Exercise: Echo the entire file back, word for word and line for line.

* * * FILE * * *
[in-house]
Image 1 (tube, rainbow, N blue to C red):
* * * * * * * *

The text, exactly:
[in-house]
Image 1 (tube, rainbow, N blue to C red):